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Milestones close milestones

:
Raised in Devon, England
:
Attended an art college in Bath; studied graphic design and photography
:
Commissioned to create a photographic documentary of life in Torquay
1972:
Met future collaborator Michael Radford, while attending Film School
:
Shot first documentary, "Around the World With Ridgeway"
:
Traveled to Africa to film, "Zimbabwe" and "Eritrea ¿ Behind Enemy Lines"
1976:
Filmed the documentary feature, "Welcome to Britain" and the short film, "Empty Hand"
1977:
Director of photography for his first non-documentary, "Cruel Passion"
1983:
First collaboration with Michael Radford, "Another Place, Another Time"
1984:
Served as cinematographer on Radford's film version of "1984"
1986:
Director of photography for Alex Cox's "Sid and Nancy"
1987:
Re-teamed with Radford for "White Mischief"
1990:
American film debut as a cinematographer, "Mountains of the Moon"
1991:
First collaboration with the Coen brothers, "Barton Fink"
1994:
Earned first Academy Award nomination for his work on "The Shawshank Redemption"
1994:
Second film for the Coens, "The Hudsucker Proxy"
1996:
Re-teamed with the Coen brothers' for "Fargo"; earned second Academy Award nomination
1997:
Received third Academy Award nomination for Martin Scorsese's "Kundun"
2000:
Again teamed with the Coen brothers' for "O Brother, Where Art Thou?"; earned fourth Academy Award nomination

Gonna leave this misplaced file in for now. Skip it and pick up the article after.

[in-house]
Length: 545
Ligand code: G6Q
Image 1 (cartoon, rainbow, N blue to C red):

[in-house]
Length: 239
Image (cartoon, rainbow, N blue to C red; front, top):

2001:
Re-teamed with the Coen brothers' for "The Man Who Wasn't There"; earned fifth Academy Award nomination
2001:
Was the cinematographer for Ron Howard's "A Beautiful Mind"
2003:
Shot the beautifully filmed, "House of Sand and Fog" for director Vadim Perelman
2005:
Filmed the Sam Mendes directed, "Jarhead"
2007:
Shot the film, "The Assassination of Jesse James by the Coward Robert Ford"; earned sixth Academy Award nomination
2007:
Again collaborated with the Coen brothers' for "No Country for Old Men"; earned seventh Academy Award nomination
2008:
Co-cinematographer for Stephen Daldry's "The Reader"; earned eighth Academy Award nomination
2008:
Was also the cinematographer for Sam Mendes' Revolutionary Road" and John Patrick Shanley's "Doubt"
2009:
Again collaborated with the Coen brothers' for "A Serious Man"
2010:
Teamed with the Coen brothers' for "True Grit"
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Education

Bath School of Art and Design: -
National Film and Television School: - 1972 - 1975

Notes

"['Kundun'] really isn't an epic; it's more of an intimate look at the life of an extraordinary person. During the prep period, Marty [director Martin Scorsese] and I talked about 'The Last Emperor' a bit, and how it was so vast and overpowering. I hope that our film is somehow more naturalistic and earthy. The story is really about the child, and it's seen primarily from his point of view. We generally didn't show much that he didn't experience firsthand. . . . As the Dalai Lama grows older, he becomes more aware of the political situation around him." --Roger Deakins quoted in AMERICAN CINEMATOGRAPHER, February 1998